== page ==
You hear the term all the time these days, particularly when it comes to professional golfers. Butch Harmon was the biggest name in the business when he was working with Tiger Woods, but when the two split up in 2002, Harmon's name fell out of the headlines.
Kent Cayce and Chuck Turesco do the same thing that Harmon does - and they can do it for you. While they might not be able to help you become the No. 1 player in the world, their credentials are more than respectable and, better yet, you only have to drive to Laurel to benefit from their expertise.
Cayce, who was named as one of Golf magazine's top 50 teachers for the past 18 years, has worked extensively with seven-time PGA Tour winner Bill Glasson. Turesco is a former club pro who works with a number of male and female satellite tour players.
They are among dozens of local PGA-accredited teachers who for hourly fees ranging anywhere from $45 to $300 can help make a game that frustrates even the best players a little less exasperating. While they might have different methods, they seem to agree on one thing:
Practice won't make you perfect, but it likely will help you improve.
"I believe in [taking] lessons, and I believe in practicing in between," Turesco said one morning in early February at Laurel Golf Center.
Said Matt Rice, a teaching pro apprentice at Arundel Golf Park: "If you don't practice and work on what you've been taught, it's not going to do you any good."
For those who like to sneak away from work for an hour (or three) to get their games in shape, facilities such as the one in Laurel and Arundel Golf Park are perfect hideaways. To attract customers this winter, the Laurel Golf Center offered an all-you-can-hit deal of $12 for the day.
"People don't practice the proper way," said Turesco, who was planning on continuing that ball-hitting buffet plan through the early spring, if not longer. "They're hitting one bucket of balls. They need to hit every club in their bag."
There are many teaching pros who believe in making a priority of a pupil's short game, and at Arundel Golf Park there's a large area in which to refine that part of your game. But the Glen Burnie facility combines a custom-fitting golf shop with its 72 tees and short game-hitting area.
"We market ourselves as a custom fitting-teaching facility," said Rice, who has worked there for two years. "We don't want to think of it as people beating balls around all day. Club fitting is by no means a swing cure. We try to put club-fitting and teaching together."
Most teaching facilities rely on using videotape as an aid to improving one's swing, usually for a nominal cost. Many of the 2,000 lessons given each year at the Arundel Golf Park involve use of videotape, and it's not only good for those being taught.
"It helps me as a teacher understand the golf swing," said Rice.
Rice sees the benefit of working on the short game, but makes a valid point in assessing the importance of learning what he calls "a full iron swing," usually with a long or middle iron.
"If you can't get the ball close to the green, you're not going to be able to use your short game," he said.
For those just starting out, there's another road to travel in taking lessons and learning the game.
It's the road Dave Miller of Pasadena took after retiring a little more than four years ago.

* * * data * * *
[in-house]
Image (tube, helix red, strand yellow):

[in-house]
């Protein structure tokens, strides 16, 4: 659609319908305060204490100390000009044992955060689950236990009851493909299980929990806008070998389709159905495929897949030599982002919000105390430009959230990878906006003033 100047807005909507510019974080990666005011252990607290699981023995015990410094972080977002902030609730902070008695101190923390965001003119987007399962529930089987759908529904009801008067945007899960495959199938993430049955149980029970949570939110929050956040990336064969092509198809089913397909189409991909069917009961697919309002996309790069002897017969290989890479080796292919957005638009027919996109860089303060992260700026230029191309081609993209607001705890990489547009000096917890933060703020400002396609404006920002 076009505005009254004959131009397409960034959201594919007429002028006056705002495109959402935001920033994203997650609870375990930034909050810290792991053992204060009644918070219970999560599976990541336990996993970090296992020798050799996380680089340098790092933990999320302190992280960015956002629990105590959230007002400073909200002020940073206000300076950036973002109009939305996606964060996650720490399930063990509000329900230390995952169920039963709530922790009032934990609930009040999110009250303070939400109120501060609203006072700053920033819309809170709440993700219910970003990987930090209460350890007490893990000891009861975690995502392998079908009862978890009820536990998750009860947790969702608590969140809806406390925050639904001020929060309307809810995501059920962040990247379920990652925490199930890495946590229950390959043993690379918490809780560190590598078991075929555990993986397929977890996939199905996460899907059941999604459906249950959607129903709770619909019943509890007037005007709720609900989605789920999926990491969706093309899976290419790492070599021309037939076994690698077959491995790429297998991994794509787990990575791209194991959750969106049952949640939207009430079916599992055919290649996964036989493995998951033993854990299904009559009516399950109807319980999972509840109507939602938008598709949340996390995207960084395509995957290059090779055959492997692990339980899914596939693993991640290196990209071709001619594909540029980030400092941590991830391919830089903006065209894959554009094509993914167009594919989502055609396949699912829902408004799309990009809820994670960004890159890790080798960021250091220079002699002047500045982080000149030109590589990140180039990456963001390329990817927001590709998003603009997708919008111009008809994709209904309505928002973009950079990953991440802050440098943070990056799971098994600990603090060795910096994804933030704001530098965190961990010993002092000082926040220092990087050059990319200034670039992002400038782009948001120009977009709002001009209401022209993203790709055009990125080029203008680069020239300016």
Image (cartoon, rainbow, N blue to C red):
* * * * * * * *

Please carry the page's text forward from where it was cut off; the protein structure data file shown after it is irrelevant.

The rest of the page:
Miller had played golf once, nearly 30 years ago, "with a club in one hand and a beer bottle in the other." He didn't have much interest and, more importantly, he didn't have the time. So when he retired, Miller took a course at Anne Arundel Community College.
It cost him $123 for 14 lessons with PGA professional Barry Root, and Miller now shoots regularly in the low to mid-90s, even breaking 90 once. It helps that he plays three days a week, nearly year round, and gets time to practice when he's not playing.
"If there wasn't snow on the ground, we'd be playing right now," Miller said as he was about to hit balls at the Arundel Golf Park.
Miller takes an occasional lesson, but seems excited (and more importantly realistic) about how his game has progressed. And he has one piece of sound advice for those thinking about getting started:
"Don't ever let a friend show you how to play golf," he said.
Swing doctors everyone - from Butch Harmon on down - couldn't agree more.
Golf parks in the Baltimore area
Arundel Golf Park
1501 Dorsey Road, Glen Burnie 21061 (410-761-1295)
72 tees (36 heated)
Chipping area, short game practice area and putting green. Lessons available for $45 for a half-hour; lesson packages are available.
Laurel Golf Center
9801 Fort Meade Road, Laurel 20707 (301-725-4646)
50 tees (15 heated)
Lessons available for $75 an hour (including video), beginner series of six lessons for $275. Special appointments can be made with Kent Cayce, founder of Golf Mastery.
Rocky Gorge Driving Range
8445 Old Columbia Road, Laurel 20723 (301-725-0888)
54 tees (12 heated)
Lessons available for $40 per half hour or six 30-minute lessons for $200.
Pasadena Golf Center
4358 Mountain Road, Pasadena, 21122. (410-439-4653)
34 tees (20 covered and heated)
Individual lessons are $80 per hour, 4-week one-hour group lessons for $150.
Severna Park Golf Center
1257 Ritchie Highway, Arnold 21012 (410-647-8618)
38 tees (5 heated)
Par-3 course, miniature golf and batting cages. One-hour adult lessons for $55, three one-hour lessons for $155 and five for $225. Junior (under 16) lessons for $35 an hour.
Churchville Driving Range
3040 Churchville Road, Churchville 21028 (410-838-1411)
30 tees (6 heated)
One-hour private lessons available for $55; half-hour is $40. Three one-hour private lessons for $140.